Sen. Bernie Sanders (I., Vt.) released a statement Tuesday saying he is "very proud" of his son, Levi Sanders, who a day earlier launched a bid for Congress in New Hampshire’s first congressional district, but the senator stopped short of offering an endorsement.
Bernie Sanders argued his son would be running his own campaign with "his own ideas," according to the Washington Examiner.
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"I am very proud of Levi’s commitment to public service and his years of work on behalf of low income and working people," he said. "Levi will be running his own campaign, in his own way, with his own ideas. The decision as to who to vote for will be determined by the people of New Hampshire’s first district, and nobody else."
Bernie Sanders said his son will be running on "his own ideas," but at least one New Hampshire political analyst, Dean Spiliotes, has argued Levi will be running on the "family political brand." The elder Sanders is a progressive star after his surprisingly strong run for the Democratic presidential nomination in 2016, in which he won the New Hampshire primary.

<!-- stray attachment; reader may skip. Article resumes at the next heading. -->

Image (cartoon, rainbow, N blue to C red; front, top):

Levi becomes the eighth candidate to enter an already crowded Democratic primary for the district's congressional seat.
Former political consultants for the elder Sanders have largely joined State Rep. Mark MacKenzie's (D.) campaign, making Spiliotes curious about how Bernie Sanders' 2016 supporters will vote in this primary. At least one former Sanders presidential-campaign consultant expressed disapproval of Levi's decision to ABC News.
Bernie Sanders has yet to declare his plans for 2020 as he prepares to release his book "Where We Go From Here" just eight days after the 2018 election. His goal for the book is to "strengthen the progressive movement," and it will come at a time when Democratic presidential hopefuls will be declaring their intentions for the 2020 race.